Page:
I suspect that the young lady in question probably does not have a family member with a food allergy or intolerance, for her to say that a lunch being free is a good reason to eat something that could pose an allergy risk.
In my case, wheat can turn my world completely upside down for about 24 hours. Imagine if you will, your absolute worst stomach flu, resulting in frequent, persistent, urgent and (please excuse the vulgarity) “explosive” trips to the washroom. Then add the sensation of something sharp painfully working its way through the digestive system. Continue reading
Salut tout le monde! Désolé si je n’écris pas plus souvent en français, mais j’avoue qu’en expression écrite, les mots me viennent plus facilement en anglais.
Cette fois, il me fallait absolument composer ce blogue en français parce que le sujet en question n’est pas commun au niveau de la langue anglaise. C’est la question de s’habituer à se faire appeler « vous ».
La première fois dont je me souviens m’être fait appeler « vous » c’était lors de mon premier vol Air Canada de Ottawa à Rouyn-Noranda en 1972. Une agente de bord bien charmante m’avait demandé ce que « vous voulez pour boire ». Quel honneur!
Franchement, il est bien possible m’avoir fait vouvoyer avant, mais c’était cette expérience très chic, sur un avion, qui a sans doute amplifié l’expérience et le souvenir pour un p’tit garçon de 7 ans comme moi. Ça m’avait vraiment chatouillé et marqué.
Au fil des années, on m’appelait « vous » de temps en temps, surtout dans le domaine du service à la clientèle. C’était bien respectueux. Ça faisait chaud au cœur. Le fait que c’était seulement à l’occasion le rendait encore plus spécial.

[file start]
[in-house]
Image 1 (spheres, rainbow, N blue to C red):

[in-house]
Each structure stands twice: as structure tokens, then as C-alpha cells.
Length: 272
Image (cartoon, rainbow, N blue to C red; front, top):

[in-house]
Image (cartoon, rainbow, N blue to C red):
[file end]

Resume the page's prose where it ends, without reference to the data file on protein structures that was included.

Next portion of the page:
Mais dernièrement, « à l’occasion » est devenu une mensualité, qui est ensuite devenu hebdomadaire, et hélas, depuis que j’ai acquis mes 50 ans, ça fait presque partie de mon quotidien. Continue reading
As I mentally prepare for this year’s round of spring cleaning, I already dread opening that same box I open every year: the box of trophies and awards. Every year I am stumped with the same questions: keep them, toss them, donate them or repurpose them?
… And then they go back into the box as I defer the decision to the next year, and the next one, and the next one.
What makes the decision so difficult is that behind every trophy is a great deal of hard work, dedication, discipline, and blood, sweat and tears on my part. Of course the latter are just metaphorically speaking; Grade 8 in suburbia was far from “The Hunger Games”.
At the same time, behind every trophy is a judge or a panel of judges, who took time out of their busy schedules to consider my work and to so generously bestow this symbol of recognition.
To me, the trophy represents an act of extreme kindness and generosity, which still humbles me today, still elicits a great deal of gratitude and frankly, “guilts” me into hanging on to this symbol.
And then I consider the possibility that there may be a colleague who worked harder than I did, yet did not receive recognition for their accomplishment. They could possibly be thinking that I am an ungrateful brat for even considering tossing a trophy I received …37 years ago.
But the big question is this: at the time of the recognition, did the judge or panel of judges truly expect me to hang on to the trophy until I am pushing daisies? Continue reading